Davis Releases Full Tax Return

State Sen. Wendy Davis, the Democratic nominee for governor, addressed supporters on Saturday, July 13, 2014, in East Austin as she concluded her "Texans Deserve to Know" tour.
State Sen. Wendy Davis, the Democratic nominee for governor, addressed supporters on Saturday, July 13, 2014, in East Austin as she concluded her "Texans Deserve to Know" tour.

The campaign of Democratic gubernatorial candidate Wendy Davis on Tuesday publicly released her full 2013 tax return, four days after giving copies to the media with the stipulation that the document couldn't be shared with anyone or published in full. 

The decision came as The Texas Tribune was preparing to publish a story about Davis' limited release. 

The tax filing lists Davis’ adjusted gross income for 2013 at $249,754 and shows she paid $70,252 in income taxes. Davis brought in $120,000 from her work as an attorney, down from the $275,000 she made the previous year. And she reported earning an additional $132,000 for a book deal. The upcoming memoir, titled Forgetting to be Afraid, is set to be published in September.

Davis’ Republican opponent, Attorney General Greg Abbott, publicly released his 2013 tax return in April and has repeatedly pushed for Davis to do the same. Davis filed an extension for her 2013 income taxes and had said she would release them once they were ready.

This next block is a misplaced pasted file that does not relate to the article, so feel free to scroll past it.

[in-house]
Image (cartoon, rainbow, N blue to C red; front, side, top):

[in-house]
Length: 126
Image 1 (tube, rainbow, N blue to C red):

“A tax return is a pretty basic thing and to delay, delay, delay and publish them under duress and not even allow the complete return to be released, that lacks transparency,” said Amelia Chasse, Abbott’s campaign spokeswoman.

Donnis Baggett, executive vice president of the Texas Press Association, said candidates' willingness to share personal information with the public shows they have nothing to hide and are honest with the public about their background. 

Previously, both Abbott and Davis have released their full tax returns to the Tribune.  

“For anyone running for state office, the people need to know about their financial picture and how they got to where they are,” Baggett said. “...When you start withholding information from the public it makes people wonder, ‘What is it they don’t want me to see?’ It is not in the candidate’s best interest or the people’s best interests.”